The iPhone 11 already has beyond industry leading performance and efficiency with the A13 Bionic chipset as well as really good battery life, and will likely get software updates for another 4 years at least.
I mean, the 2015 iPhone 6s is getting iOS 14 this year, in 2020, and that tends to be the rule more than the exception.
But, the iPhone 11 is expected to get an even higher performance, higher efficiency, even more silicon-feature packed A14. What that means for battery life we just don’t know yet, but it should mean updates for another 5 years at least.
If you don’t really care about an extra year of chipsets or updates, then the iPhone 11 will still be better than any other phone you can get for 12-24 months still.
If you want the most advanced silicon you can get and updates for as long as you can get them, the iPhone 12 will give you that.
If there’s one thing you can count on, year after year, iPhone after iPhone, is that the camera is going to get better and better.
The iPhone 11 added better sensors, a new ultra-wide angle camera to the system, and Night Mode and deep fusion to the computational models.
It doesn’t have the big glass of Samsung or Huawei, or the big algorithms of Google, but it has better algorithms than the first two and way better glass than the last one, making it capture photos as good as anything else on the market and video arguably best of all.
The iPhone 12 should be more of the same and then some.
Rumors focus on LiDAR, the same depth-sensing scanner the iPad Pro got this spring, going onto the Pro-level iPhone 12s this fall. That’ll be big for augmented reality. Basically like getting a TrueDepth camera on the back.
But we should also see improvements across the board for all the cameras, the image signal processor in the A14, processes like Smart HDR and Night Mode, just… everything.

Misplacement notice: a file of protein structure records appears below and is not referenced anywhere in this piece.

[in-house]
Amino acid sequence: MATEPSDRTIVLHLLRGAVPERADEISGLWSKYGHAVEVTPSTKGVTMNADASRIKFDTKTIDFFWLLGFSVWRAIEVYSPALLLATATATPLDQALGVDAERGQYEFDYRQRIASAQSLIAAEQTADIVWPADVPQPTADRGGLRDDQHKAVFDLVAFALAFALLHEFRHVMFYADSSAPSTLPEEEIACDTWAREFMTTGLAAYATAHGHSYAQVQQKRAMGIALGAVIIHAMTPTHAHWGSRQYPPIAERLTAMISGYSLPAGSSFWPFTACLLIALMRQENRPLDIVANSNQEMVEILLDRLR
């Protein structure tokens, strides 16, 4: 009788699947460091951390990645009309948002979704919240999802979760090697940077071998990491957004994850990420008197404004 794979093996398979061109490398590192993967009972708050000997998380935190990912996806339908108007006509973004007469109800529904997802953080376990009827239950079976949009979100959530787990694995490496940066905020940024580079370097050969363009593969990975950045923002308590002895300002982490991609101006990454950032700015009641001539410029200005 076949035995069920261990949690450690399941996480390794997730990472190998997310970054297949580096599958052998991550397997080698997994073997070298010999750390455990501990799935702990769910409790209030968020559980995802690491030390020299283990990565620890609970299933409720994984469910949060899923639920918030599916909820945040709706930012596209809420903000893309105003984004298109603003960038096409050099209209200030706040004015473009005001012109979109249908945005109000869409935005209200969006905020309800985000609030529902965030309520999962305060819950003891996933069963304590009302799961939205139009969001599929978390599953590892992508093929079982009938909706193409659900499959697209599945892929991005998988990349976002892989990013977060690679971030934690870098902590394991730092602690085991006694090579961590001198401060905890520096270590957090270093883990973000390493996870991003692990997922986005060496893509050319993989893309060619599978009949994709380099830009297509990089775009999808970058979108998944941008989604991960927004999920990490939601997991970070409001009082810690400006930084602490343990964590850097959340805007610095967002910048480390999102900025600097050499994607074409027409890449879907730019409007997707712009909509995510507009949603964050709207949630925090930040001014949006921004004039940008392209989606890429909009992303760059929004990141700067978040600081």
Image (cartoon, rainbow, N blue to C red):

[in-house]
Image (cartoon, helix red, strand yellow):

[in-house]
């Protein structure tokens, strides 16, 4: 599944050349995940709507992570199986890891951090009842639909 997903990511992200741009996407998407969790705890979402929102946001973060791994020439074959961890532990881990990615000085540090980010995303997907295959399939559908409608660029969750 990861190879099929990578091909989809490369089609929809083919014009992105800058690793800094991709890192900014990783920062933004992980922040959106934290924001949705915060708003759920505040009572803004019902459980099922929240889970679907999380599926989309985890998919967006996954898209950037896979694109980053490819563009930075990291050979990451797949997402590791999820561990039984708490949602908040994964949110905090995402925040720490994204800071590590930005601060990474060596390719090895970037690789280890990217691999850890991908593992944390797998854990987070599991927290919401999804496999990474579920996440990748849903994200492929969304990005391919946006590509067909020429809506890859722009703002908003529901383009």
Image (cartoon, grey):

So, if you’re perfectly fine with the iPhone 11’s state-of-the-2019-art camera system, then you’re perfectly fine with the iPhone 11. Especially the Pro with its telephoto.
If you want the absolute latest and greatest, though, especially if photos and videos are the most important part of your phone to you, then you’ll want to wait on the iPhone 12.
When it comes to pricing, Apple’s strategy may be to try and maintain average selling price and margins over time, but they’ve also proven kind of canny at how they go about it.
Most recently, they’ve been pushing premium prices up with redesigns and more expensive technologies, like OLED and TrueDepth cameras. But, they’ve also been pushing technology down to offer more compelling, less expensive entry levels.
The iPhone XR was more expensive but the iPhone 11, less expensive and the new iPhone SE less expensive again.
Now, normally, OLED displays and 5G are more expensive technologies and both of those are supposed to be making their way to the base model iPhone 12.
But, rumor has it, the new 5.4-inch will be slightly less expensive again, with the 6.1-inch gets slightly more expensive, while the Pro models stay the same. Dropping the cost of entry but balancing everything out overall.
So, unless you want the next, smaller iPhone, you won’t lose any money getting an iPhone 11 now.
If you do want that smaller iPhone, and OLED on it, you can save a few bucks waiting for the iPhone 12.
Also, Apple may keep the base model iPhone 11 around for $100 less once the iPhone 12 is announced, if that’s meaningful for you.
I’m going to repeat my always advice here, because it’s still my best advice:
Wait as long as you possibly can to buy, then buy when you absolutely need to buy, buy the best you can afford at the time, and then enjoy the hell out of it, because there will always be something new and something next.
In other words, if you really need an iPhone now, get an iPhone 11 or even iPhone SE now. If you don’t, wait and see what the iPhone 12 models have to offer and, when you need to buy, buy the one that best suits your needs.
Then enjoy the hell out of it, because there will always be something new and something next.